Skip to main content

Russian foreign minister blasts western powers and defends Wagner Group in Sudan

Sergei Lavrov tells Khartoum press conference that Russia is pushing forward with a naval base on the Red Sea coast
Russian Foreign Minister Sergei Lavrov with Sudan's General Abdel Fattah al-Burhan in Khartoum (Reuters)

Russian Foreign Minister Sergei Lavrov blasted western powers and defended the mercenary Wagner Group in a press conference held at Khartoum Airport at the end of his two-day visit to Sudan.

The Russian minister, who held separate meetings with Sudan's ruling General Abdel Fattah al-Burhan and his deputy, Rapid Support Forces (RSF) commander Mohamed Hamdan Daglo, commonly known as Hemeti, said that proposed Russian military bases on Sudan's Red Sea coast were going ahead. 

'The mentioned company (Wagner) is working on fighting terrorism in these countries'

- Sergei Lavrov, Russian foreign minister

Lavrov arrived in Khartoum late on Wednesday as part of a tour seeking to expand Moscow's influence that has included trips to Mauritania, Mali and Iraq.

Sudan, which was cut off from billions of dollars in international financing after the October 2021 military coup led by Burhan, last week hosted a delegation from the Israeli foreign ministry. 

Envoys from the US, UK and European Union were in Khartoum at the same time as Lavrov.

Stay informed with MEE's newsletters

Sign up to get the latest alerts, insights and analysis, starting with Turkey Unpacked


Russia has interests in mining - particularly gold - in Sudan, and is keen to strike deals on the export of fertiliser and wheat to the African country, according to sources in Khartoum.

The presence of the Wagner Group in Sudan, where it is thought to have connections to Hemeti, and in the neighbouring Central African Republic (CAR), where the mercenaries are fighting local rebels on behalf of the government of Faustin-Archange Touadera, was addressed by Lavrov. 

"These companies are private military and security companies coming to these countries according to agreements with the governments that have sovereignty over their countries," he said.

"The mentioned company (Wagner) is working on fighting terrorism in these countries. We also welcomed the decision of the Sudanese government to close the borders between Sudan and CAR in order to prevent the movement of fighters and terrorist groups."

Founded by businessman Yevgeny Prigozhin, who is close to Russian President Vladimir Putin, western nations see Wagner as representing the interests of Moscow abroad.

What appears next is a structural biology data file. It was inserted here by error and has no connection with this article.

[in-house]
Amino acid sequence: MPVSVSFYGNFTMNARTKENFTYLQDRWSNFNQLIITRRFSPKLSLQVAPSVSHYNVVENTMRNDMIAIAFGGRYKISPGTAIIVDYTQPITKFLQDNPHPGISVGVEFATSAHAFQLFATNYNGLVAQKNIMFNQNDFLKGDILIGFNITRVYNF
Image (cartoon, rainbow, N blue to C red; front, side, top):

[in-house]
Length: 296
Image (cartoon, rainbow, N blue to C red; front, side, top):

In January, Hemeti claimed that he helped stop a coup to overthrow the CAR government that was being plotted over the border in Sudan.

The militia leader said that in late December he stopped forces moving from inside Sudanese territory to oust the CAR leadership, stoking ongoing speculation about the role of Sudanese troops and Russian mercenaries in the nearby conflict. 

Red Sea bases

A key Russian ambition in Sudan has been the establishment of a naval base on the Red Sea coast. Last year, as Russia invaded Ukraine, Hemeti visited Moscow to discuss the prospect with officials there. 

Hemeti brought the proposal back with him to Khartoum but, sources familiar with the talks told MEE, Burhan opposed the Russian plan. Burhan and Hemeti are increasingly at odds both at home and abroad.

What's behind the US-Russia tussle over a Red Sea naval base in Sudan?
Read More »

MEE had understood that the port project would be developed by the UAE, but at the airport press conference Lavrov was bullish about Russia's prospects.

He acknowledged the existence of Russian mining companies operating in Sudan and said that agreement had been reached previously on a naval base but was awaiting Sudanese legislation to implement it. Such a deal had been reached under President Omar al-Bashir, who was toppled in a 2019 uprising.

"You know this agreement has been signed earlier between the two countries and it is only waiting to be legalised," Lavrov said, of the Russian naval base.

Turning his attention to the wider world, Lavrov accused the western delegation that visited Mauritania and Sudan at the same time as him of obstructing his visit and the development of ties between Russia and African countries.

"Western delegations are following our steps and trying to hinder our efforts towards having a multipolar world," Lavrov said.

Drawing a comparison to Germany's defeat in World War Two, Lavrov warned western powers against continuing to assist Ukraine in its war against Russia. 

Middle East Eye delivers independent and unrivalled coverage and analysis of the Middle East, North Africa and beyond. To learn more about republishing this content and the associated fees, please fill out this form. More about MEE can be found here.